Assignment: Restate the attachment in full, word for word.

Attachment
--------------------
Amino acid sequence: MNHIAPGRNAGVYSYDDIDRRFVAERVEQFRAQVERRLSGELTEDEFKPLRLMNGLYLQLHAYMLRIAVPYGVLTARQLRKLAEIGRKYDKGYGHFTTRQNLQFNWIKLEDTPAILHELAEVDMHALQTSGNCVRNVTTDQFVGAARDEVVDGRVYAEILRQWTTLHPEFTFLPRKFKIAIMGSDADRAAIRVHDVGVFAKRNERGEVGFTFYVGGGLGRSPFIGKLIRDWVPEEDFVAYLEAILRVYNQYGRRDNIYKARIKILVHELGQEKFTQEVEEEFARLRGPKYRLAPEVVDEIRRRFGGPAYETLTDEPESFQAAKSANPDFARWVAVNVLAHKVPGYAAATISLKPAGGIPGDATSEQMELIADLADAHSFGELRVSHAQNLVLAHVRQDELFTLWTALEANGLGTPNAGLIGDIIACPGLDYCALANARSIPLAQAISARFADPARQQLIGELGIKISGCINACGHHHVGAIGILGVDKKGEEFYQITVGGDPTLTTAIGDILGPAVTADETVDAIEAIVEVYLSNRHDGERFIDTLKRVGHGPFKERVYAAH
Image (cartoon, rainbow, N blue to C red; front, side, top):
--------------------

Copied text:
Amino acid sequence: MNHIAPGRNAGVYSYDDIDRRFVAERVEQFRAQVERRLSGELTEDEFKPLRLMNGLYLQLHAYMLRIAVPYGVLTARQLRKLAEIGRKYDKGYGHFTTRQNLQFNWIKLEDTPAILHELAEVDMHALQTSGNCVRNVTTDQFVGAARDEVVDGRVYAEILRQWTTLHPEFTFLPRKFKIAIMGSDADRAAIRVHDVGVFAKRNERGEVGFTFYVGGGLGRSPFIGKLIRDWVPEEDFVAYLEAILRVYNQYGRRDNIYKARIKILVHELGQEKFTQEVEEEFARLRGPKYRLAPEVVDEIRRRFGGPAYETLTDEPESFQAAKSANPDFARWVAVNVLAHKVPGYAAATISLKPAGGIPGDATSEQMELIADLADAHSFGELRVSHAQNLVLAHVRQDELFTLWTALEANGLGTPNAGLIGDIIACPGLDYCALANARSIPLAQAISARFADPARQQLIGELGIKISGCINACGHHHVGAIGILGVDKKGEEFYQITVGGDPTLTTAIGDILGPAVTADETVDAIEAIVEVYLSNRHDGERFIDTLKRVGHGPFKERVYAAH
Image (cartoon, rainbow, N blue to C red; front, side, top):